Sarah is a city girl and an attorney in New York so country life is not really her scene which is evidenced by the way she dresses, the car she drives, a Porsche, and the way she talks. However, she is there any way for some relaxation which she really needs. She is very unlikable, especially at the beginning of the book. Her attitude seems and sounds condescending and she comes off as too high maintenance and too good for anybody in this town in the middle of nowhere. She’s very rude when she first meets Cole.
Cole Cassidy is a stock car mechanic who stops on the side of the road to lend a hand to Sarah when he sees her stranded. He is a Southern gentleman in every way. When the garage that Sarah’s car is taken to can’t fix it for her in a timely manner, for her convenience he offers to do it though he is very busy. He is very understanding, caring and accommodating and doesn’t hold Sarah’s hangs up and uptightness against her.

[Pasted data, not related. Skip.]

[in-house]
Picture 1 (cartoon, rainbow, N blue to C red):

Even though Cole and Sarah meet on the side of the road, sparks fly immediately between them though they separate soon after when the help arrives. They soon meet again when Cole is called upon to look at the car.
REVVING HER UP is a novella - one that I truly enjoyed. However, it was really hard to like Sarah, even in light of seeing her frustrations with the car breakdown and the stress from her job. She came off as a snob but she also had certain moments when she surprised me because she was suddenly and unexpectedly really nice. These moments and also the fact that Cole liked her and seemed to see past her attitude to accommodate her as he did, helped me like her a little. The romance between them is also believable and hot though it happens fast. At the beginning, Cole tries to fight his attraction to Sarah because his ex-girlfriend was also a city girl like Sarah and where he came from wasn’t to her liking. But the attraction between Cole and Sarah is strong.
The ending was also fitting with no declarations of love as is typical of most endings in romance novels. Given their two days acquaintance, it felt appropriate and it also managed to convey a HEA regardless.